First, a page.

The Large Hadron Collider (LHC) is the biggest and most sophisticated particle accelerator ever made. It took 20 years, $10 billion dollars, 10,000 scientists, and surprisingly enough, two standard industrial robots to build.
The scientists could have created a high-tech specialized machine to do the work, but they decided the ABB IRB 140 industrial robot was up to the challenge. Two ABB IRB 140 robots were chosen to weld the stainless steel alloy tubing assemblies that make up the LHC's two accelerator rings.
The LHC's purpose is to smash together two particles moving at 99.99% the speed of light. This huge particle physics experiment simulates the state of things right after the Big Bang occurred. It is located underground at the Swiss-French border.
The LHC welding job required incredible precision and repeatability. The two 6-axis robots performed 54 million laser welds - some as small as 30 microns in diameter spaced 10-15 microns apart. Each tubing assembly is 15-18 meters long and the two rings are each 27 kilometers long. Laser welding was chosen to help maintain the stringent parameters.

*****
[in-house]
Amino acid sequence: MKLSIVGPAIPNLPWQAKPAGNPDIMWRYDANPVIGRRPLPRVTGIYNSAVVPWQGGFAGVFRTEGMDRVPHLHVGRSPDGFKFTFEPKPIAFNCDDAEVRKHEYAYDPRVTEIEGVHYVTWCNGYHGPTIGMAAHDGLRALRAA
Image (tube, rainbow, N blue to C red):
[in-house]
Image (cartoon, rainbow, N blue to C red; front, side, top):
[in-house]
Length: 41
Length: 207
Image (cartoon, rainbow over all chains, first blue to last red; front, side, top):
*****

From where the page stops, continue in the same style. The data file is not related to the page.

These particular 6-axis ABB robots offer 5kg payloads, incredible flexibility, and a horizontal reach of 810mm. For the LHC project each IRB 140 robots were placed on a linear tracks. They were monitored via CCTV and performed the laser welds with Luxstar 100WND: YAG laser welding guns.
The controllers for the two ABB industrial robots were linked with standard ABB software. ABB's World Zone software was also used to coordinate the two robots - making sure they didn't collide.
The rigorous LHC application demonstrates the capabilities of the ABB IRB 140 robot. Interested in an ABB industrial robot? Browse RobotWorx' collection or call the sales department online or at 740-251-4312.